We hung up to return to our workshop – a diverse group of wonderful individuals consisting of: a black couple newly arrived from South Africa; an Italian who speaks broken English who moved his family to the UK to give his children a better future and who wants to start a business supplying Italian cakes to restaurants; an Irish sales manager who lived 17 years in the Phillipines and his Filipino wife, an experienced hospitality professional; a new university graduate with a young family; a very bright, personable young man with a severe speech impediment; and a young women who has had several head surgeries; and finally our self-styled Irish leprechaun stake employment specialist and his wife. We were teaching in a church building with no heat, using a computer monitor we commandeered from the clerks office.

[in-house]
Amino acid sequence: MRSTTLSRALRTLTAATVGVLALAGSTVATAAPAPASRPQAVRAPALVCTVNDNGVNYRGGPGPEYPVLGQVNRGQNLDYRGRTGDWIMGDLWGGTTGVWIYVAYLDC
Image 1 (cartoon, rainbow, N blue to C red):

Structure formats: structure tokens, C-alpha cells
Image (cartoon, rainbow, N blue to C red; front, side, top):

Then we realised that this was our one year milestone on our mission. Could we have ever imagined what we would be doing in one year when we arrived, already tired and dazed, just one year ago?